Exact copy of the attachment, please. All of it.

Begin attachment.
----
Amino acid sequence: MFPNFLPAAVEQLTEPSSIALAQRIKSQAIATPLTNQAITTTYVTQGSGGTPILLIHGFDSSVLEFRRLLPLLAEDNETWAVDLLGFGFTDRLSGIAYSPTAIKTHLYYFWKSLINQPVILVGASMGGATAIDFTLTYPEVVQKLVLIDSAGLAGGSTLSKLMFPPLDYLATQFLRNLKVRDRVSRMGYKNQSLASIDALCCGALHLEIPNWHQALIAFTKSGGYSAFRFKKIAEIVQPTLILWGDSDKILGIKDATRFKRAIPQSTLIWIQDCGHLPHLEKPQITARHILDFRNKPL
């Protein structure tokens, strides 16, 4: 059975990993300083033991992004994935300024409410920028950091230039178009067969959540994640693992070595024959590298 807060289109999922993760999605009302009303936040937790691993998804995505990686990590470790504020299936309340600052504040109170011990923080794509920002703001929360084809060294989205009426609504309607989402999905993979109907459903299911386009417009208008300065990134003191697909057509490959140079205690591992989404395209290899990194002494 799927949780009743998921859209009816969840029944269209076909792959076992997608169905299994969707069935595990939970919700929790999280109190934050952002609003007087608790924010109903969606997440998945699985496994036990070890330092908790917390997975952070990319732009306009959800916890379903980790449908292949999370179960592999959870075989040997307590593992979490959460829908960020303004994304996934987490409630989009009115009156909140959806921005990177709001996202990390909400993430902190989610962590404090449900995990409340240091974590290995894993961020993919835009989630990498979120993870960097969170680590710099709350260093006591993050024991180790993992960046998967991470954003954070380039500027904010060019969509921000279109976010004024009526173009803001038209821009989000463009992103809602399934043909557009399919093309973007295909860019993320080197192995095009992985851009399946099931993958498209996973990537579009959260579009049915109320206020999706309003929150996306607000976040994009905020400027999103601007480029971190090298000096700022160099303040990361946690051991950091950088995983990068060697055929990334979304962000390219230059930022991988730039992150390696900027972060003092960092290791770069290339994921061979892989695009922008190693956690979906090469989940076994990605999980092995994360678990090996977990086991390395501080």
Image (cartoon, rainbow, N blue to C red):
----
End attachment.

Amino acid sequence: MFPNFLPAAVEQLTEPSSIALAQRIKSQAIATPLTNQAITTTYVTQGSGGTPILLIHGFDSSVLEFRRLLPLLAEDNETWAVDLLGFGFTDRLSGIAYSPTAIKTHLYYFWKSLINQPVILVGASMGGATAIDFTLTYPEVVQKLVLIDSAGLAGGSTLSKLMFPPLDYLATQFLRNLKVRDRVSRMGYKNQSLASIDALCCGALHLEIPNWHQALIAFTKSGGYSAFRFKKIAEIVQPTLILWGDSDKILGIKDATRFKRAIPQSTLIWIQDCGHLPHLEKPQITARHILDFRNKPL
């Protein structure tokens, strides 16, 4: 059975990993300083033991992004994935300024409410920028950091230039178009067969959540994640693992070595024959590298 807060289109999922993760999605009302009303936040937790691993998804995505990686990590470790504020299936309340600052504040109170011990923080794509920002703001929360084809060294989205009426609504309607989402999905993979109907459903299911386009417009208008300065990134003191697909057509490959140079205690591992989404395209290899990194002494 799927949780009743998921859209009816969840029944269209076909792959076992997608169905299994969707069935595990939970919700929790999280109190934050952002609003007087608790924010109903969606997440998945699985496994036990070890330092908790917390997975952070990319732009306009959800916890379903980790449908292949999370179960592999959870075989040997307590593992979490959460829908960020303004994304996934987490409630989009009115009156909140959806921005990177709001996202990390909400993430902190989610962590404090449900995990409340240091974590290995894993961020993919835009989630990498979120993870960097969170680590710099709350260093006591993050024991180790993992960046998967991470954003954070380039500027904010060019969509921000279109976010004024009526173009803001038209821009989000463009992103809602399934043909557009399919093309973007295909860019993320080197192995095009992985851009399946099931993958498209996973990537579009959260579009049915109320206020999706309003929150996306607000976040994009905020400027999103601007480029971190090298000096700022160099303040990361946690051991950091950088995983990068060697055929990334979304962000390219230059930022991988730039992150390696900027972060003092960092290791770069290339994921061979892989695009922008190693956690979906090469989940076994990605999980092995994360678990090996977990086991390395501080």
Image (cartoon, rainbow, N blue to C red):